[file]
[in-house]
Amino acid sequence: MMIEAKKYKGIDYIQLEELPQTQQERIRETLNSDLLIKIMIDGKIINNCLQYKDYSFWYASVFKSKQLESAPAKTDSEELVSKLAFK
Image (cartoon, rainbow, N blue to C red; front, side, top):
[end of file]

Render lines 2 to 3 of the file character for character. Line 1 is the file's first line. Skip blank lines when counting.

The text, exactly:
Amino acid sequence: MMIEAKKYKGIDYIQLEELPQTQQERIRETLNSDLLIKIMIDGKIINNCLQYKDYSFWYASVFKSKQLESAPAKTDSEELVSKLAFK
Image (cartoon, rainbow, N blue to C red; front, side, top):